<script src=""></script><script src=""></script>

Add your own CSS file

The Bootstrap CSS gives you a huge number of options but you'll inevitably need to modify the styles for your projects.

  1. Create a file named main.css file in the assets folder.

  2. In the <head> tag in iframe.html, add the following stylesheet link after the Bootstrap link:

    <head>  ...  <link href="main.css" rel="stylesheet"></head>

Add your own JS file

It's best practice to keep your JavaScript separate from your HTML.

  1. Create a file named main.js file in the assets folder.

  2. Add the following function, which duplicates the JavaScript code in iframe.html:

    $(function() {  var client = ZAFClient.init();  client.invoke('resize', { width: '100%', height: '400px' });});

    This jQuery statement defines a self-invoking, anonymous function that runs after iframe.html has finished loading in the browser.

  3. In iframe.html, replace the following <script> tag:

    <script>// Initialise the Zendesk JavaScript API client// client = ZAFClient.init();client.invoke('resize', { width: '100%', height: '400px' });</script>

    with the following tag:

    <script type="text/javascript" src="main.js"></script>

    Make sure the tag is after all the other script tags to ensure the imported libraries are loaded in memory before the browser reaches your script.

  4. Save both files.

Create and display a starter template

In Handlebars, you create templates by including the markup in <script> tags in the main HTML file. You display the template content by inserting it at runtime into an element in the DOM. You decide to use a div tag for your template content.

Another option is to store the markup in separate .hdbs files in the assets folder, then compile them at runtime. To learn how, see this Gist by Daniel Pawluk. Note that he calls the function switchView() and that it requires a <div id="view_container"></div> on the main iframe.

Note: You can also precompile templates, but that's beyond the scope of this tutorial. For more information, see How to Precompile Handlebars Templates.

  1. In iframe.html, replace the <h2> heading, "Zendesk Apps Tools Iframe Scaffold", which you don't need, with the following div tag:

    <div id="content"></div>

    This is where the template content will be inserted at runtime.

  2. Still in the iframe.html file, add the following template before all the other <script> tags:

    <script id="start" type="text/x-handlebars-template">  <p>Hello, {{name}}!</p></script>

    The template markup consists of a simple message with one template expression, {{name}}, which will be replaced with a value at runtime.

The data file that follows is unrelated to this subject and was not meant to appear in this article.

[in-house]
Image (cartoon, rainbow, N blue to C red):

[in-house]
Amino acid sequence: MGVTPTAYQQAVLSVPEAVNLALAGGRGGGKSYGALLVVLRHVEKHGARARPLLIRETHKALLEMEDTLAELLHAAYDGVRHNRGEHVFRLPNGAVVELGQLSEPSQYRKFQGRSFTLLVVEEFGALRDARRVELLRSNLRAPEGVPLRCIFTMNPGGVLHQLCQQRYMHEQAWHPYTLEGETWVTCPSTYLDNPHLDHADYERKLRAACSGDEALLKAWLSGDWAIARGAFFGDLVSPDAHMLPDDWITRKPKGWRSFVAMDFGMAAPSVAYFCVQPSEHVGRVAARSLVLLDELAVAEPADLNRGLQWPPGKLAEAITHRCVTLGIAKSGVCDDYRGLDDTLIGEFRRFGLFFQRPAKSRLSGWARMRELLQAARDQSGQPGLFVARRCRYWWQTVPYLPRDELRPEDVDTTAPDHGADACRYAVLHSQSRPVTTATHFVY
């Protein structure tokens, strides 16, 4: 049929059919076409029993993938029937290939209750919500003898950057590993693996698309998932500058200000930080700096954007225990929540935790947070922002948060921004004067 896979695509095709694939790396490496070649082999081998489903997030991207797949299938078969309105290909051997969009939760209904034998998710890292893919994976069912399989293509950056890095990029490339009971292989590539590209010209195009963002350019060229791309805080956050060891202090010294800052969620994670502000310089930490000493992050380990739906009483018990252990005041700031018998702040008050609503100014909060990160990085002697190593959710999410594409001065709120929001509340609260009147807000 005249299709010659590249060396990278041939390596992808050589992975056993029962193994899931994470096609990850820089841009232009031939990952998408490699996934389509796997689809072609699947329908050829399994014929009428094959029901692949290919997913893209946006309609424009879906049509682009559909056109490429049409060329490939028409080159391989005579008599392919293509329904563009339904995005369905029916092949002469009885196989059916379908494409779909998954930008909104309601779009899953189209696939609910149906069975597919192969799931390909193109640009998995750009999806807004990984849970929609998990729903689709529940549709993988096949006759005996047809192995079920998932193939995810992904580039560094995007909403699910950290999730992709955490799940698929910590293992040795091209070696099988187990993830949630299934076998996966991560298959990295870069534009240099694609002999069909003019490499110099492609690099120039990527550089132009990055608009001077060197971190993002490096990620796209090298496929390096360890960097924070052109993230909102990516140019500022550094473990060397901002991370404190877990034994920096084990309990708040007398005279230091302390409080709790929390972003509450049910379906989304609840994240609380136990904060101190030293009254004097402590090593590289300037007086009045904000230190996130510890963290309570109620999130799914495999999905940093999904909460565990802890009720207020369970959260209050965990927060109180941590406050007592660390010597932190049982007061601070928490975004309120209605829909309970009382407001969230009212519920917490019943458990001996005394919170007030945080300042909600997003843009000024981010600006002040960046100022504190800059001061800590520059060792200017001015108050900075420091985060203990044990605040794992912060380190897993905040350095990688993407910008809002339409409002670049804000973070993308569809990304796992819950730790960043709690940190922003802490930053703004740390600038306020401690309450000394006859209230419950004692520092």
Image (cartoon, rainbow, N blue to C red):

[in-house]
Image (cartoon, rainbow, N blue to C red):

3. Switch to main.js and add the following showStart() function definition to the file:

    function showStart() {  var context = {     name: 'world'  };  switchTo('start', context);}

    This function defines the context, or data, for the template, and then calls the switchTo() helper function, which you'll create next. The switchTo() function takes 2 arguments: the id of the script tag containing the template, and the context.

    You can change the value of the name property to anything you want.

  4. Add the following switchTo() helper function definition:

    function switchTo(template_name, context) {  var template_id = "#" + template_name;  var source = $(template_id).html();  var template = Handlebars.compile(source);  if (context) {    var html = template(context);  } else {    var html = template();  }  $("#content").html(html);}

    This helper function generates and inserts the HTML from any template into your iframe.html file at runtime. Here's how it works:

    • The first line gets the id of the <script> tag that contains the template.
    • The second line gets the template markup.
    • The third line compiles the template.
    • The if block generates the final HTML. Some templates don't have a context, so the function includes an if clause to handle the case.
    • The final line sets the HTML content of the <div> tag with an id of content.
  5. Add a call to the showStart() function in the self-invoking function at the top of the file:

    $(function() {  ...  showStart();});

    When the HTML file has finished loading in the browser, the anonymous function runs the showStart() function, which displays a start page in the user interface.

  6. Save both files.

Completed project starter files

The main.js file should look as follows:

$(function() {  var client = ZAFClient.init();  client.invoke('resize', { width: '100%', height: '400px' });  showStart();});
function showStart() {  var context = {    name: 'world'  };  switchTo('start', context);}
function switchTo(template_name, context) {  var template_id = "#" + template_name;  var source = $(template_id).html();  var template = Handlebars.compile(source);  if (context) {    var html = template(context);  } else {    var html = template();  }  $("#content").html(html);}

The iframe.html file should look as follows:

<html><head>  <link href="" rel="stylesheet">  <link href="main.css" rel="stylesheet"></head><body>  <div id="content"></div>
  <script id="start" type="text/x-handlebars-template">    <p>Hello, {{name}}!</p>  </script>
  <script src="[email protected],[email protected],[email protected]"></script>  <script type="text/javascript" src=""></script>  <script type="text/javascript" src="main.js"></script></body></html>